Opening up the festivities just as I arrived were Dysentery, the most metal band on the line-up, which did little to prevent five people from being knocked out, to say nothing of the countless nosebleeds within the first few minutes. Some kids there obviously didn’t really know any Dysentery songs, but still stirred things up during the slamdowns. Such good sports, making total destroy to the soothing ballad-esque “Genocidal God”, and raising some friendly ruckus to the closing song, “Devourer Of The Dead”. Much appreciated by the band, and anyone there who liked to move. Up next should have been Rude Awakening, who had come all the way from Merrimack Valley to play as a local act, but unfortunately the band got into a bit of a kerfuffle with Palladium staff, and as a result couldn’t play at a venue where they had just freshly knocked someone the fuck out. Their loyal hometown fanbase was understandably a little angry, and the fallout would precipitate throughout the rest of the show in the form of crowdkilling.

I neglected to do research on No Bragging Rights before the show, but their combination of stay-positive Melodic Hardcore with heavy chugging breakdowns to wake up any unaware made for an entertaining set. They brought a lot of energy to their stage presence, and even had a little of that clean vocal stuff that was in short supply for the other bands. Following them was Fit For An Autopsy, an example of what Deathcore should ideally sound like; equal parts the blasting fury of Death Metal and breakdowns that make you feel bad for not moving to.

They also get the first band picture in this post, hurray!

FitFo, as they are often called by real hood niggaz, have exploded in recent times, possibly helped by having Nate Johnson of Through The Eyes Of The Dead fame (ca. Malice) on vocals. Add to this a group of musicians who have a good idea of how to play extreme music and you have a good band overall that both Metal and Hardcore people can enjoy without feeling the guilt I assume most women associate with chocolate while dieting. I’m not terribly familiar with any songs of theirs aside from “The Jackal”, and am moderately acquainted with “The Conqueror”, so I’m not a person to have an in-depth FitFo conversation with. Seeing as they bookended their set with the two aforementioned tracks, I was able to react at the most opportune times, so thanks for that, guys. Aside from nearly losing a shoe in the circle pit, all went well, and we lived happily ever after until I Declare War came and burned down my village.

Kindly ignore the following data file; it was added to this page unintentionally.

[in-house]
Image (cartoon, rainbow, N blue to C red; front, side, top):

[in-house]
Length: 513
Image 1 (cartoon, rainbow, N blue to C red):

I Declare War was one of the bands I was actually excited to see despite reports and some preliminary hearings of their new material being unworthy of being listened to even when you’re bored and just want to hear a meaningless breakdown. It would be an understatement if I simply said I was “let down” by their performance. They played “Putrefaction Of The Population” too slow, they played “New Age Holocaust” too slow, and new boy (pictured above) fucked up the vocals with his own improvisations instead of sticking to the semi-growl formula that makes them identifiable. New boy also demanded an old-school circle pit, which was damn pointless because there was only about 5 seconds worth of circle-pit material in the song they played. Definitely not worth almost tripping yet again. The crowd was half-hearted in their reception of IDW, and it’s a bad sign when even an established Deathcore band can’t get an audience moving enthusiastically all the way through their set.

Our saviours in Cruel Hand were there in due time to rinse the bad taste left in our mouths with what I can confidently call literal non-stop action.